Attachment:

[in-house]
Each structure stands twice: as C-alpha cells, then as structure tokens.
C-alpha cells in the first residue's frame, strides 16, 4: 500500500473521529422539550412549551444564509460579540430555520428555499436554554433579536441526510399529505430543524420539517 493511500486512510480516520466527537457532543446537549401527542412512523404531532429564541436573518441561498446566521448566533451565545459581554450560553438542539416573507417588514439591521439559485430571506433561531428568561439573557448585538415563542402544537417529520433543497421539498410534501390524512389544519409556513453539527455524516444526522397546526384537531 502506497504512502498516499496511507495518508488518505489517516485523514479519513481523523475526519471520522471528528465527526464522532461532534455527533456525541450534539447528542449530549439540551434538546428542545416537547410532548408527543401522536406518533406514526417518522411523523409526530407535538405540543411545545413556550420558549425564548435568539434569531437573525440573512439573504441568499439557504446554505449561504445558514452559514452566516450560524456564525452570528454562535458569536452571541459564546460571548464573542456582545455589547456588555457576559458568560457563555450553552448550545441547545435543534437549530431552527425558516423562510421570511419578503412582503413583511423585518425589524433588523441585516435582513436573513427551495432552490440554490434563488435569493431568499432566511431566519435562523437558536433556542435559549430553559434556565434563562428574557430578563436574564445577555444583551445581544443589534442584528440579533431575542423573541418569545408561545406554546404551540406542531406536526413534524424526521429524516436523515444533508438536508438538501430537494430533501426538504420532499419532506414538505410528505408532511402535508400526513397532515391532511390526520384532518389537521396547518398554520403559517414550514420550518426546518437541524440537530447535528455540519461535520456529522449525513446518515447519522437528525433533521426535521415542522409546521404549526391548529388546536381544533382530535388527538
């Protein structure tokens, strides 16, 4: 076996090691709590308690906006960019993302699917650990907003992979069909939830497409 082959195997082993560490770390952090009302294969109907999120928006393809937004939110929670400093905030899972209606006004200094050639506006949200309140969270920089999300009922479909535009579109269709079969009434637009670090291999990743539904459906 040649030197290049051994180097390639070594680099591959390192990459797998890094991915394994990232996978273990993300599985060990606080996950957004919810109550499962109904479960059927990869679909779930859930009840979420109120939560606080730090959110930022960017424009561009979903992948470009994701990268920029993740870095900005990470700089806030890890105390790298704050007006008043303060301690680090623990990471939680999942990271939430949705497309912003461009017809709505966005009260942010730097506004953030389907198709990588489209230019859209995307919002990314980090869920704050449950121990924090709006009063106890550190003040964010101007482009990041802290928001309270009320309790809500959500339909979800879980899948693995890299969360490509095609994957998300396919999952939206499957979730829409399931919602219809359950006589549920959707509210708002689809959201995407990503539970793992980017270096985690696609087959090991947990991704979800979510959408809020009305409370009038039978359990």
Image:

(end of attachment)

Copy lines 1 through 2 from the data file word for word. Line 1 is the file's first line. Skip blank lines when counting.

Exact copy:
[in-house]
Each structure stands twice: as C-alpha cells, then as structure tokens.